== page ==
J.D Salisinger Biography

J.D. Salinger was born in 1919 by a Christian mother and a Jewish father in the city of New York. Mr. Salinger entirely dedicated himself to writing after being enrolled at New York University and also at Columbia University. By the time Mr. Salinger was 21 years old; in 1940, he had had a chance to publish wide range short stories in periodicals, and this was being considered as a huge success in his life. During World War II, the career of Mr. Salinger as a writer was greatly disrupted but he was able to return from the service and continued as a writer, principally with The New Yorker, in 1946. He wrote for The New Yorker between 1948 and 1965 and published wide range of stories. For instance, in 1948 he published “A Perfect Day for Banana-fish,” which gives an account on the suicide of a desolated veteran of war. He also published “For Esme–With Love and Squalor” in the year 1950, a story which gives an account of an encounter of a United States soldier together with two British children. Therefore, by the end of 1965, Mr. Salinger had published thirty-five different short stories.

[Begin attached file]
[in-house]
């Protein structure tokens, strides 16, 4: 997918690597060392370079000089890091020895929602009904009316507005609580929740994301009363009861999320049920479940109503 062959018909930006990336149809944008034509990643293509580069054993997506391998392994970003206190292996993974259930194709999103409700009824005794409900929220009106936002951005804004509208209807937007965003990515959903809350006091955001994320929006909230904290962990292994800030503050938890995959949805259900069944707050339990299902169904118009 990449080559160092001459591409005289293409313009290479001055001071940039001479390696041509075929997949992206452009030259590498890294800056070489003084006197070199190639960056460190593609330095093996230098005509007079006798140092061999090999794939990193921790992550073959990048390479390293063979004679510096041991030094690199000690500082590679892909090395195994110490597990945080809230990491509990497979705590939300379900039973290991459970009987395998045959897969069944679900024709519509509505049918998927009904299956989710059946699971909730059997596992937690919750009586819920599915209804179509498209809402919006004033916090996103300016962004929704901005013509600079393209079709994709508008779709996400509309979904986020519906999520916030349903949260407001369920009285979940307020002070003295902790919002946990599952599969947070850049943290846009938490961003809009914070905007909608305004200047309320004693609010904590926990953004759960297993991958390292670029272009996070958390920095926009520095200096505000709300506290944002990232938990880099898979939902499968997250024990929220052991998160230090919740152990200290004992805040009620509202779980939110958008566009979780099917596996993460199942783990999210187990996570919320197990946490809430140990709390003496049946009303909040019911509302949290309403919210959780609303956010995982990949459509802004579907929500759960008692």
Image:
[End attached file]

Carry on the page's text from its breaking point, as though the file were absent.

The Catcher in the Rye was published in the year 1951, and it is a publication that earned Mr. Salinger major significant and trendy acclaim. It was a story of Holden Caulfield, who was a disobedient boarding-school student who tries to escape from the world of adult that he normally finds it fake. As a creative writer and finding wayward for protagonist of a child, Mr. Salinger’s novel is given a great deal of sympathy.

Work Cited

Salinger Jerome David. The Catcher in the Rye. City of Westminster, London: Penguin Books, Limited, 2010.